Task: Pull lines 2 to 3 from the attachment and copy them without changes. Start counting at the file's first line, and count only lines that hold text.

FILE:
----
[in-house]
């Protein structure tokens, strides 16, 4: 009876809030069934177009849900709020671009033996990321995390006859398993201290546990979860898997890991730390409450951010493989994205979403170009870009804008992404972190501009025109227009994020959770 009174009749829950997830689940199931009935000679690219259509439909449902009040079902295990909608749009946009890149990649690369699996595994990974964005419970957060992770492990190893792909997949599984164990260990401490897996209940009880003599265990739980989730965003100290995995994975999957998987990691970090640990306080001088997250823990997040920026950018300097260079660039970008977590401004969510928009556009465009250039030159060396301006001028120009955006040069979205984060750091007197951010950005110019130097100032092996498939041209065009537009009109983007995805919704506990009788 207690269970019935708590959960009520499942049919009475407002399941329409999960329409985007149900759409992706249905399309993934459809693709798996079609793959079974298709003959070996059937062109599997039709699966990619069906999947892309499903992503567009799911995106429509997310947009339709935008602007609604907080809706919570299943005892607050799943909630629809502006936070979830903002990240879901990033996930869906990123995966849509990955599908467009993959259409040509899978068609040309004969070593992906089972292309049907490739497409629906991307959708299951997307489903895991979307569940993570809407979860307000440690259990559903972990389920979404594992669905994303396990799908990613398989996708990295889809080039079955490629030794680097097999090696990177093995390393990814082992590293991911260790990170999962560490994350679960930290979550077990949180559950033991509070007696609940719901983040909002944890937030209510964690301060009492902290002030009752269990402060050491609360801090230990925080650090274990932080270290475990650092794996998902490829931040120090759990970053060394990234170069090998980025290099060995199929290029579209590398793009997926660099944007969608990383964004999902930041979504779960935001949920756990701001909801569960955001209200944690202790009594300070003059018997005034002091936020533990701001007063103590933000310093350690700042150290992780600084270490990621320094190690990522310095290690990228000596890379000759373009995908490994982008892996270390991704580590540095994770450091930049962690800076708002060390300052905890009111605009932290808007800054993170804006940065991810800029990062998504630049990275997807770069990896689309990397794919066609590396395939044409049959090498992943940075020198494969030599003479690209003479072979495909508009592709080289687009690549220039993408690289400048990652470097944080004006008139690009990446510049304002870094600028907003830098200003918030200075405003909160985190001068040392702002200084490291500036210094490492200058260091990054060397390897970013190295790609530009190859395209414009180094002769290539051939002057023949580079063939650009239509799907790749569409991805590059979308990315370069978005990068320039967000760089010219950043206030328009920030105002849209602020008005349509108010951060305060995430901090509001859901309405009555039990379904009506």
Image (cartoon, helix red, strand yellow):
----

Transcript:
């Protein structure tokens, strides 16, 4: 009876809030069934177009849900709020671009033996990321995390006859398993201290546990979860898997890991730390409450951010493989994205979403170009870009804008992404972190501009025109227009994020959770 009174009749829950997830689940199931009935000679690219259509439909449902009040079902295990909608749009946009890149990649690369699996595994990974964005419970957060992770492990190893792909997949599984164990260990401490897996209940009880003599265990739980989730965003100290995995994975999957998987990691970090640990306080001088997250823990997040920026950018300097260079660039970008977590401004969510928009556009465009250039030159060396301006001028120009955006040069979205984060750091007197951010950005110019130097100032092996498939041209065009537009009109983007995805919704506990009788 207690269970019935708590959960009520499942049919009475407002399941329409999960329409985007149900759409992706249905399309993934459809693709798996079609793959079974298709003959070996059937062109599997039709699966990619069906999947892309499903992503567009799911995106429509997310947009339709935008602007609604907080809706919570299943005892607050799943909630629809502006936070979830903002990240879901990033996930869906990123995966849509990955599908467009993959259409040509899978068609040309004969070593992906089972292309049907490739497409629906991307959708299951997307489903895991979307569940993570809407979860307000440690259990559903972990389920979404594992669905994303396990799908990613398989996708990295889809080039079955490629030794680097097999090696990177093995390393990814082992590293991911260790990170999962560490994350679960930290979550077990949180559950033991509070007696609940719901983040909002944890937030209510964690301060009492902290002030009752269990402060050491609360801090230990925080650090274990932080270290475990650092794996998902490829931040120090759990970053060394990234170069090998980025290099060995199929290029579209590398793009997926660099944007969608990383964004999902930041979504779960935001949920756990701001909801569960955001209200944690202790009594300070003059018997005034002091936020533990701001007063103590933000310093350690700042150290992780600084270490990621320094190690990522310095290690990228000596890379000759373009995908490994982008892996270390991704580590540095994770450091930049962690800076708002060390300052905890009111605009932290808007800054993170804006940065991810800029990062998504630049990275997807770069990896689309990397794919066609590396395939044409049959090498992943940075020198494969030599003479690209003479072979495909508009592709080289687009690549220039993408690289400048990652470097944080004006008139690009990446510049304002870094600028907003830098200003918030200075405003909160985190001068040392702002200084490291500036210094490492200058260091990054060397390897970013190295790609530009190859395209414009180094002769290539051939002057023949580079063939650009239509799907790749569409991805590059979308990315370069978005990068320039967000760089010219950043206030328009920030105002849209602020008005349509108010951060305060995430901090509001859901309405009555039990379904009506």
Image (cartoon, helix red, strand yellow):